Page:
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Composer Andrew Imbrie collaborated with the San Francisco Contemporary Music Players and the San Francisco Girls Chorus to create Songs of Then and Now, a new work based on poems by William Shakespeare, e.e. cummings, and Robert Louis Stevenson. The finished piece consists of eight songs with a total duration of about 25 minutes. Imbrie developed the piece collaboratively with the musicians and chorus through open rehearsals in community settings.

Songs of Then and Now premiered in 1998–performed by the San Francisco Contemporary Music Players under the direction of Nicole Paiement, and by members of the San Francisco Girls Chorus’s Chorissima ensemble, under the direction of Sharon Paul.  It was revived in 2001 at a concert celebrating Imbrie’s 80th birthday. The piece also is featured on a 2002 CD release, “Andrew Imbrie:  Spring Fever, Chicago Bells, Songs for Then and Now,” from Albany Records.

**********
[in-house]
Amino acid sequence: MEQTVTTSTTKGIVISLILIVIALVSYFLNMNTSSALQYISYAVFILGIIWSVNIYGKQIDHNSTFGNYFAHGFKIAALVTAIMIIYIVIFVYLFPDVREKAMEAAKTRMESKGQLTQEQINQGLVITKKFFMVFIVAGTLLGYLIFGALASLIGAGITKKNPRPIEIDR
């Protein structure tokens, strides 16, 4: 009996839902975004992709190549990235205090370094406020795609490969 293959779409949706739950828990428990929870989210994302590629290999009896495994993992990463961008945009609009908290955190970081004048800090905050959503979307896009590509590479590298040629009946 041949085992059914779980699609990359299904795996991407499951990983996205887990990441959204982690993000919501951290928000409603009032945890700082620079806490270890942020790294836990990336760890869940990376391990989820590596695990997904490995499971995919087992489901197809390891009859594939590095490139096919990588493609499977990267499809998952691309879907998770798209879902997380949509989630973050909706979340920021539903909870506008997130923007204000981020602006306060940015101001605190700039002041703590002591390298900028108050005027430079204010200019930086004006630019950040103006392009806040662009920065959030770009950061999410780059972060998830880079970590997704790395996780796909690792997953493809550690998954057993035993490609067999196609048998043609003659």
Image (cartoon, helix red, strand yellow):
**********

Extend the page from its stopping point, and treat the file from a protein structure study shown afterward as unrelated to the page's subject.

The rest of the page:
Andrew Imbrie taught at the University of California, Berkeley, until his retirement in 1991.   He has composed in various media, including string quartets and other chamber music, symphonies, choral works, several concertos, and the opera Angle of Repose, which was performed by the San Francisco Opera in 1976.

The San Francisco Contemporary Music Players is a national leader among ensembles devoted to contemporary chamber music.  It has received the prestigious national ASCAP/Chamber Music America Award for Adventurous Programming of Contemporary Music many times and performed more that 1,000 new works. The San Francisco Girls Chorus’s Chorissima is known for its innovative and unusual repertoire, including works from the 16th Century to commissions of contemporary American music.